Skip to main content
The Independent Critic

Rachel Lin, Joe Smith
Harry Crossman
Harry Crossman, Alex Turnbull (Story by)
8 Mins.

 "Scuttle" an Effective, Suspenseful Horror Short 

It's Lea's last night before she leaves for a new life, but any thought she has of getting a good night's sleep is disrupted by a mysterious presence in Harry Crossman's anxiety-filled, engaging indie horror short Scuttle. 

The film stars Rachel Lin as Lea, whom we don't so much get to know as we get to experience as her seemingly calm night is disrupted by something that is determined to keep her final night in her current home from being anything but peaceful. Lin's calm demeanor as Lea amps up the suspense the more she attempts to discover the secret of this mysterious, eerily sinister presence. 

Lensing by Emma Barrott and Hannah Green is filled with darkness and dread, while Rhys Williamson's special effects are quietly naturalistic yet kind of icky gruesome. Clara Adriana Todirau works wonders with the film's use of prosthetics design and make-up, taking a low-budget indie and making it all work beautifully.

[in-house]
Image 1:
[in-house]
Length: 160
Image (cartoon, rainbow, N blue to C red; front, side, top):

There's little denying, however, that this is Rachel Lin's film and she most certainly delivers in abundance. As the presence in question, Joe Smith takes a relatively bit role and makes it work. 

Nico Metten's sound design drives it all home with a sparse, semi-industrial sense of dread that fits perfectly within this dimly lit domestic setting. 

Scuttle has already been named as an official selection at Picture Show Panic and Fantasm's Shock Reel Cinema Film Festival and should have no problem continuing on its indie fest run with possibilities particularly high on the indie horror circuit. 

For more information on Scuttle, visit the film's Facebook page linked to in the credits. 

Written by Richard Propes
The Independent Critic